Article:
I say, rock it full-figured beauties.
Love yourselves super-awesome women of color.
Own your beauty mixed women.
Be proud of yourselves mature women.
I say F*CK you, media. We are all hot, sexy, perfect, and beautiful. Media, you are the one that is wrong, abnormal, or needs to be altered.
Because this is not who we are.
You cannot define us. We are strong. We are women. They. Were. Wrong.
Rape culture is when the victim of the crime is blamed, demonized, and possibly threatened for speaking up. The media will downplay the victim, if the victim is mentioned at all, and sympathize with the rapist. This usually occurs when the rapist is someone who is famous, powerful, a pillar of society, or the “All-American male” (high school football players, someone in the armed forces, involved with a fraternity, etc). The media will downplay the crime and play up the prestige of the guilty parties. They may talk about the sudden loss of their bright futures, or in the case of someone in the military, claim them to be an “American hero”.
Sometimes it is difficult for family members and friends to understand why a victim may not speak up for a crime, and let’s be honest, people look at you with a weird/judgmental grimace on their face if you say that you don’t want to report or that you don’t want to go to counseling. While I fully support women speaking up for themselves, and strongly believe that they should report the crime, I am the first to admit that I was a woman who did not want to report. Looking at the above chart, one can begin to grasp why. Many rapists will not even go to court. When I was going through the beginning processes of reporting the crime I was made to realize how daunting the process would be. The detective I spoke with said that the process can take at least 3-5 years, and that is if the District Attorney decides that your case is even worth going to trial over. Then even if the case does make it to court the rapist is often sympathized with rather than the victim. I was afraid to go to court because, frankly, I knew I would be treated like Jane Doe from the Steubenville case. Though her case came after I reported, using the case as an example has helped my family and friends understand my hesitation with reporting or carrying on with the case. Rape culture. That is why women do not want to report the crime-not to mention your raw emotions and most private life experiences are put on display for the world to see. The rapists are made to look as if they are heroes for withstanding trial. The real heroes here are the women who are brave enough to report, or even consider it, because, unfortunately, they will be the ones enduring hell on earth-accusations, threats, name-calling, shaming, court. If you made it out, you are the hero. You’re my hero, because I have barely been brave enough to report. I am here to tell you that if you do not want to report, or you are afraid to report, you are not weird and there is nothing wrong with you. You are not any less of the one who was forced to be a victim. The rapist/abuser is at fault. Always. You are never at fault. Even if you danced around naked you are not asking for it. You should be respected; you have value. Do not let yourself be defined by being the victim. Do not let anyone judge you for acting differently than what society portrays how a rape “victim” should behave. Do not let society force you to view yourself in any way other than beautiful.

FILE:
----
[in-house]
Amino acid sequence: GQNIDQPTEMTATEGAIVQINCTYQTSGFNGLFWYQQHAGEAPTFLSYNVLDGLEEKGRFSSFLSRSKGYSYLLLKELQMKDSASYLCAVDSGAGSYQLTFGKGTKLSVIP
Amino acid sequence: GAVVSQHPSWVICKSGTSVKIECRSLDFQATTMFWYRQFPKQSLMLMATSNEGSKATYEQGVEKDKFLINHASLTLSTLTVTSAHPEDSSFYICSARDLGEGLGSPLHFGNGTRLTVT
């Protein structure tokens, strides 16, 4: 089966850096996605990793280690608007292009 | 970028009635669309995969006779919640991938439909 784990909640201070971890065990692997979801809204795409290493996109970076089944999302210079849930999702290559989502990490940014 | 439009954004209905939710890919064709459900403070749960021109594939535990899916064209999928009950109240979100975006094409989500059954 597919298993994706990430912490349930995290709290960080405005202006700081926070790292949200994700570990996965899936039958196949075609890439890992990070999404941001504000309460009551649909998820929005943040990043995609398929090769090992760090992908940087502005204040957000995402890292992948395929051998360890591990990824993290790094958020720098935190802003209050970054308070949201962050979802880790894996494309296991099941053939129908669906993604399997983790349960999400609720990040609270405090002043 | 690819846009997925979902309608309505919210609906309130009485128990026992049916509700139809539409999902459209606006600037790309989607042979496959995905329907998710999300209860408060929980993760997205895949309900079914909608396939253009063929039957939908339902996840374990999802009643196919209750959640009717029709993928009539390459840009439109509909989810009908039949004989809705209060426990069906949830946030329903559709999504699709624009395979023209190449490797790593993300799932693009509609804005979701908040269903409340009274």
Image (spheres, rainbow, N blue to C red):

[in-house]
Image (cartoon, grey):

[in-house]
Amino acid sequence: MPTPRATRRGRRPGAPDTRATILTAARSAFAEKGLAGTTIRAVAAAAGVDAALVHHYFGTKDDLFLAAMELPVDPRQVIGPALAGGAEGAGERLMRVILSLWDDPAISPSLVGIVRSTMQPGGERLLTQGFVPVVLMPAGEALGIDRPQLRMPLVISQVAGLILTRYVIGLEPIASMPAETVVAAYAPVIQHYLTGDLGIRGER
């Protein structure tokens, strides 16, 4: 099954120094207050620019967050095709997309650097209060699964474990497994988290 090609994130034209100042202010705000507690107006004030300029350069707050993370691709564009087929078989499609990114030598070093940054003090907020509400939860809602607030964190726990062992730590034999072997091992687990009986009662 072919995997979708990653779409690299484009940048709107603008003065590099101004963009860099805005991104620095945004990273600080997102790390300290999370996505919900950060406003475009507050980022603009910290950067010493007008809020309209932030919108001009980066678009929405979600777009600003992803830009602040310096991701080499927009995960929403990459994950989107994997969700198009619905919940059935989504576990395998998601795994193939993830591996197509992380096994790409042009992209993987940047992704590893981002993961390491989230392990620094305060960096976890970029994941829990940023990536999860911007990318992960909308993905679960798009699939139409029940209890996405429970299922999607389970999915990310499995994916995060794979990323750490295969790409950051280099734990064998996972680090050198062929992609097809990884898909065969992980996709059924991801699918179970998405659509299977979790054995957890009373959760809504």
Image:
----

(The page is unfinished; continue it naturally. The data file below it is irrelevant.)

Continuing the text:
A video about bullying and self-worth. Be sure to watch it the whole way through. It is empowering. You do not have to be defined by any negative experiences in life or by any negative names you have been called. You are real, you are beautiful, you are perfectly real.